How Seeding Protects Your Baby’s Microbiome
July 25th, 2017
We do everything in our power to protect our children. When they are babies we obsess over tummy time, table corners and which car seat to buy. When you become a parent, keeping that precious little life healthy and safe becomes your reason for being. You would do anything to give your child a head start to a lifetime of good health. That’s why parents of C-section babies are choosing vaginal seeding, and it’s why I chose this procedure for my baby.
The Importance of Your Baby’s Microbiome
The good health we all want for our children starts with them having a healthy microbiome. Microbiomes are clusters of bacteria and other organisms found in and on our bodies. Our gut is home to tens of trillions of those organisms, including up to 1,000 species of bacteria. If the good species rein, the harmful ones will have less influence. And since nearly 60- 80% of your immune system lives within your gut, a disruption in the balance of bacteria could set you on the path to illness.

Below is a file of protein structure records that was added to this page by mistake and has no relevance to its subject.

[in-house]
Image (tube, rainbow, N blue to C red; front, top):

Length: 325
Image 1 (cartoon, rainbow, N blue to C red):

Scientists used to think the womb was sterile, however recent studies show one’s microbiome starts developing at conception. In a sense, it’s inherited. If a mom has a healthy microbiome, chances are her baby will too. The microbiome is further influenced at the time of birth. In a vaginal delivery, as your baby travels down the birth canal, she will swallow the beneficial bacteria that live there. Those bacteria will then colonize her gut, establish her microbiome and shape and lay the foundation of her immune system.
When babies are born via C-section, they miss out on being inoculated with the beneficial bacteria living in the birth canal. Their first exposure will instead be to other types of bacteria, such as those from the skin or mouth – from all your hugs and kisses. Missing out on those friendly bacteria from the birth canal can increase your child’s risk of having allergies, asthma and other infections in later in childhood.
The good health we all want for our children starts with them having a healthy microbiome! Click To TweetTypically with every infection comes a round of antibiotics and every asthma attack a round of steroids. Antibiotics don’t only kill the bad bacteria; they can also wipe out even more of the good bacteria, setting the stage for Candida or yeast overgrowth and bacterial overgrowth (SIBO). I write about this extensively in my book The Autoimmune Solution. This is a typical history I hear from autoimmune patients: Born by C-section, lots of ear infections and lots of antibiotics, yeast infections, digestive issue and then years later a diagnosis of autoimmunity. It important to understand the state of your baby’s microbiome at birth plays an important role in her future health.